Phosphorus Announces New Global xIoT Research Lab and First ‘xIoT Threat & Trend Report’

The company’s new research division, Phosphorus Labs, has already found a high rate of CVEs, default passwords, end-of-life devices, and other security risks in millions of xIoT devices deployed in corporate environments.

Phosphorus, the leading provider of proactive and full-scope security for the extended Internet of Things (xIoT), today announced the launch of its new global security research division, Phosphorus Labs. The company also released its first “xIoT Threat & Trend Report,” which encapsulates five years of security research and device testing, based on the analysis of millions of xIoT devices deployed in corporate network environments across leading verticals.

Comprised of leading experts in IoT, OT, and IT security, Phosphorus’s new Labs division is exclusively focused on advanced xIoT threat research, security analysis, and device-based threat assessments that will enable enterprises to build more robust and mature security programs for today’s evolving cyber threat landscape.

“Security research has been central to Phosphorus’s mission, ever since day one,” said Chris Rouland, Founder and CEO of Phosphorus. “Through our new Labs division, we are significantly expanding the company’s current research efforts to include more in-depth security testing and analysis of enterprise IoT, OT, and Network devices. We will also continue to grow our unique field research program, which collects key intelligence on active threats and security risks to xIoT devices already deployed in enterprise networks.”

New Research Division

Armed with Phosphorus’s unique technology platform for actively communicating with xIoT devices in their native languages, Phosphorus Labs will conduct rigorous testing and analysis of a diverse range of IoT, OT, and Network devices.

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This research includes in-depth xIoT device analysis, penetration testing, vulnerability research, and regular interrogations of actively deployed xIoT devices in corporate, government, and industrial networks in order to collect accurate, real-time data on current security issues and threats.

The goal of the company’s research division is to provide the industry’s most advanced and comprehensive understanding of the unique xIoT attack surface, coding challenges, design limitations, vulnerabilities, exploit methods, and security risks for every important xIoT device in use among enterprises today. This will allow companies to put in place more robust cybersecurity defenses to protect against potential threats.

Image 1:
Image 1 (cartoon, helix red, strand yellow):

“The purpose behind Phosphorus Labs is not to create yet another vulnerability research program,” said Brian Contos, Chief Security Officer of Phosphorus. “xIoT vulnerabilities are a dime a dozen. While they often make a lot of noise in the news media, what is more important from a security standpoint is that we learn how to prevent these attacks by hardening devices and reducing their attack surface. Vulnerabilities will come and go, but device-level security should be consistent.”

xIoT Report Provides High-Level Guide to Current Threats

In its new “xIoT Threat & Trend Report,” Phosphorus Labs provides an overview of the top security problems facing today’s enterprise-level IoT, OT, and Network devices. The report includes key findings from the company’s five years of field research and testing that will help enterprise security teams better understand the risks posed by xIoT devices.

Some of Phosphorus Labs’ security findings include:

  • 99% of xIoT device passwords are out of compliance with best practices
  • 68% of xIoT devices have high-risk or critical vulnerabilities (CVSS score of 8-10)
  • 80% of security teams can’t identify the majority of their xIoT devices

The report also highlights specific xIoT devices that enterprise security teams need to pay special attention to. The Phosphorus Labs “Top 10 Worst xIoT Offenders” list includes several high-risk devices that are often overlooked, such as server racks/cabinets and KVM switches, as well as ubiquitous office devices which are easy to exploit, like connected printers and VoIP phone systems.

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